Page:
According to Israeli and Egyptian intelligence, most of the terror groups operating today in the Sinai Peninsula have an organizational base in Gaza. Some of the groups have weapons caches there, while others operate training camps. In addition, the Egyptian military has specific information indicating that members of prominent terror outfits, some affiliated with al-Qaeda, are hiding in Gaza.
        What began as shooting attacks have now developed into suicide attacks and huge car bombings. The U.S. and the international community must support the Egyptian regime in the war against terror, to prevent the different radical Islamic groups from turning Egypt into a theater of jihad like they did in Syria. Col. (res.) Dr. Shaul Shay, a research associate at the BESA Center, is a former Deputy Head of the Israel National Security Council. (Begin-Sadat Center for Strategic Studies-Bar-Ilan University)
  • The West Misunderstands the Nature of the Muslim Brotherhood - Zvi Mazel
    The Muslim Brotherhood's avowed goal since the creation of the movement in 1928 has been to impose Islamic law, first on Egypt, then the rest of the world, turning it into a Muslim-ruled caliphate. The fall of Hosni Mubarak paved the way for the dream to come true; the Brotherhood won both parliamentary and presidential elections. But instead of dealing with Egypt's pressing economic and social problems, the Brotherhood made an all-out effort to turn the country into a religious dictatorship.
        Barely a year later, President Mohamed Morsi was arrested and the government toppled by the people, aided and abetted by the army. The Brotherhood refused to accept their defeat and launched a series of violent protests, followed by terror operations that have already caused the death of 350 members of the police and military forces. The interim regime first banned their activities and then declared the Brotherhood a terrorist organization.
        The U.S. and EU, representing the so-called enlightened world, are turning their back on Egypt, though it is fighting their common enemy, radical Islam. The writer is a former Israeli ambassador to Romania, Egypt and Sweden. (Jerusalem Post)
  • Bashar Al-Assad: An Intimate Profile of a Mass Murderer - Annia Ciezadlo
    Bashar Al-Assad is weak; the polite phrasing, among educated Syrians, has always been that he "does not have the qualities of a leader." That is to say, he does not have the gravitas of his ruthless father, Hafez Al-Assad, who ruled the country from 1970 until June 2000. Other Syrians put it less delicately. They call him donkey, giraffe, a big, bumbling doofus.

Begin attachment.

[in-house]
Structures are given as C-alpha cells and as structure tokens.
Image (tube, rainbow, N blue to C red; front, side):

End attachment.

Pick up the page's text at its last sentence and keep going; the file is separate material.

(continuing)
What outsiders have been slow to realize is that in the game Assad is playing, a weak man (or one perceived that way) can cling to his throne just as tenaciously, and violently, as a strongman. This nebbishy second son, who was never meant to inherit the family regime, has proved exceptionally talented in the art of self-preservation. (New Republic)
  • Behind Assad's Comeback, a Mismatch in Commitments - Adam Entous and Siobhan Gorman
    The Hizbullah surge to bolster Assad represented a turning point in the Syria conflict, giving the Syrian leader enough strength to survive, though not enough to prevail. Now, at the end of 2013, Syria stands as a tale of mismatched commitments. Syria has become a shattered state riven into sectarian enclaves, radicalized by war, and positioned to send worrisome ripples out across the Middle East for years to come, say current and former U.S. officials.
        Intelligence assessments that once showed Assad on the verge of defeat now say he could remain in power for the foreseeable future in key parts of the country bordering Lebanon and the Mediterranean coast. The civil war could last another decade or more, based on a CIA analysis that recently departed Deputy Director Michael Morell privately shared with lawmakers.
        The White House was unwilling to commit significant resources to back opposition fighters, wary of getting drawn into another conflict in the region or inadvertently backing violent extremists. Meanwhile, Assad's key backers - Iran and Hizbullah - spared no expense to save their ally. (Wall Street Journal)